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Pupils: Per Capita Costs

Volume 480: debated on Thursday 16 October 2008

To ask the Secretary of State for Children, Schools and Families what estimate he has made of school funding per pupil for each primary and secondary school in Yeovil constituency in (a) 2007-08 and (b) 2008-09; what the average funding level for all English schools is for each of those years; and if he will make a statement. (227032)

The Department allocates education funding to local authorities so the requested information for Yeovil constituency is not available.

The per pupil revenue funding figures for years 2007-08 to 2008-09 for Somerset local authority and England are provided in the following table. Since 2006-07, the Dedicated Schools Grant (DSG) is the main source of school funding. As the DSG is distributed through a single guaranteed unit of funding per pupil, a primary/secondary split is not available.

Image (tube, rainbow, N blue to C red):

2007-08 DSG plus grants2008-09 DSG plus grantsSomerset4,1304,350England4,5304,690Notes:1. This covers funding through the Dedicated Schools Grant, School Standards Grant, School Standards Grant (Personalisation) and Standards Fund as well as funding from the Learning and Skills Council; it excludes grants which are not allocated at LA level.2. These figures are for all funded pupils aged three to 19.3. Figures have been rounded to the nearest £10. Price Base: Cash.4. Some of the grant allocations have not been finalised. If these do change, the effect on the funding figures is expected to be minimal.5. The actual revenue funding that individual schools in England receive via their school budget shares is a matter for individual local authorities to decide locally through their own local funding formulae (subject to satisfying the minimum funding guarantee for schools from 2004-05 onwards). Consequently, the amount of money allocated to each school in England depends very much on the individual local authorities’ own policy for funding their schools. Different authorities retain varying amounts of funding centrally to spend on behalf of their schools while others chose to give schools more autonomy over how they spend their money by devolving more funding to the individual schools.